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  5. "Jeg vil gerne købe et natbor…

"Jeg vil gerne købe et natbord."

Translation:I would like to buy a night table.

November 17, 2014



maybe night stand should be a better translation? Never have I heard of a night table...


I have heard people commonly refer to it as a Night side table. Which I would imagine would be super confusing to anyone not familiar with side table and night stand


Bedside table it is


I doubt it is an American influence, as night stand seems pretty universal here. Perhaps we can blame it on the Australians.


Nope, you can't blame us. We call it a bedside table.


What is a night table, a small table that you use next to your bed?


Yes, I think it would be a "bedside table" in British English


An Ngram search shows that bedside table table is by far the most common than the other two options.


We don't say 'night table' in British English, but you are correct in that we say 'bedside table'.


Well, whether it's Brit. English or not, I've certainly heard "night table" used in England. It could be because of American influence though. We do tend to pick up the odd word now and then, especially near an American air base, or mutual co-existence such as Brit. and American forces stationed nearby each other, or Brits working in U.S.A coming home with a richer vocabulary, cowboy films, advertisements, etc., etc.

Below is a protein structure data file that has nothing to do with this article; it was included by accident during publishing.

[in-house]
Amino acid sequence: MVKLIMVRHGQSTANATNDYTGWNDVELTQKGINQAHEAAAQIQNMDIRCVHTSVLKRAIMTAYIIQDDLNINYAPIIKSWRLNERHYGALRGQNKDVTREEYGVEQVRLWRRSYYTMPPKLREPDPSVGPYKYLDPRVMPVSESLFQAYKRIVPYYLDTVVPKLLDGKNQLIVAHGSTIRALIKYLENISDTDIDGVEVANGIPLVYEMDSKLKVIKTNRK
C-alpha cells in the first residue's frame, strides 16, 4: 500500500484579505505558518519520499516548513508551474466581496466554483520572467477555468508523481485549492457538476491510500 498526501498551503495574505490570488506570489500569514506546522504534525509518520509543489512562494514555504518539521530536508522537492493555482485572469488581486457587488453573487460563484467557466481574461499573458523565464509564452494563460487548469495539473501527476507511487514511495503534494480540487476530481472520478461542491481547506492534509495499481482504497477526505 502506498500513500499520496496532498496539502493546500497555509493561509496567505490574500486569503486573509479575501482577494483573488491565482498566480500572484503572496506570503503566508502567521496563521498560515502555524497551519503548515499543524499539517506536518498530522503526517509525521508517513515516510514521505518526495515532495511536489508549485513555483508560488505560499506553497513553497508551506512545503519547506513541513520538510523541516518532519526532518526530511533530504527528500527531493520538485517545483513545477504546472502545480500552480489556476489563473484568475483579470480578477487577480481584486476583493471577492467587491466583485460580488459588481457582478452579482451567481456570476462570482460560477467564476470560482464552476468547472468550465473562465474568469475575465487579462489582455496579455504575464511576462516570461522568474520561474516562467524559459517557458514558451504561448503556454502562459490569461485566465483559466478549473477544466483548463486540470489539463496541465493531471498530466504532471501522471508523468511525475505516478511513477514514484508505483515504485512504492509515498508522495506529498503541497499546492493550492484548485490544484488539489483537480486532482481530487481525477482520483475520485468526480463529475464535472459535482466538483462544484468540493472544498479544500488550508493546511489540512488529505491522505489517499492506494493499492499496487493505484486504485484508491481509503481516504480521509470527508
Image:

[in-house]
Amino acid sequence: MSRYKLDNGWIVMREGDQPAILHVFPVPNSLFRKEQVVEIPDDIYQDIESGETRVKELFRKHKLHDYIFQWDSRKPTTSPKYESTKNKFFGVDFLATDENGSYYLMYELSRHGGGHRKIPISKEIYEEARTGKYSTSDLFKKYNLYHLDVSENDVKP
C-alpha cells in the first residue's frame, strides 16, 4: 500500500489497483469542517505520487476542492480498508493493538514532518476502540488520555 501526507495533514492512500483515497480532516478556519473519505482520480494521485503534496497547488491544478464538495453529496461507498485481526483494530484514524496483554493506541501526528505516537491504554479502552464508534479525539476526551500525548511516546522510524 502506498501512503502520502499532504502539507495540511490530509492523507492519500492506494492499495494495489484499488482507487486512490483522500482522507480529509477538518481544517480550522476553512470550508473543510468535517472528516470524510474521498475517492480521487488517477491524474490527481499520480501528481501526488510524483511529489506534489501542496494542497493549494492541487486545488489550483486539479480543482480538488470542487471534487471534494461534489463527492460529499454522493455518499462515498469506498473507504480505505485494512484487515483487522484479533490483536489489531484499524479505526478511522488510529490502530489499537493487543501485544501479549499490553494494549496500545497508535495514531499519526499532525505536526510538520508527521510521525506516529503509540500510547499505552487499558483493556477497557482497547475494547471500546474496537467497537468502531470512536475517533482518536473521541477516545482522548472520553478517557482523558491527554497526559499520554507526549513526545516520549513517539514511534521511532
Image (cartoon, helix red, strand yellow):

How would he pronounce "et netbord"? The Danish a/e is confusing (one of the confusing things in pronunciation).


There is a difference in sound between "net" and "nat".
For me the A in "nat" is close to the A in "anvil" and the E in "net" is close to how Canadians is often portrayed saying "eh"

nat: https://forvo.com/word/nat/#da
net: https://forvo.com/word/net/#da


Thank you for the link. I find the model pronunciation for "nat" in your link more distinctive from "net" (than "nat" in Duolingo"). I asked my wife and daughter to listen to the Duolingo sentence, and both of them said it is "netbord". I would like to ask "the person who has invented the present Danish pronunciation" why to make "a" in some cases so close "e", as you still have a variant of "a" that is clearly distinctive. I would like to give a benevolent piece of advice to reform the Danish language a little bit (back towards Proto-Scandinavian) and use clearly different forms of every vowel (and reduce the repertoire of sounds for a single letter). :)

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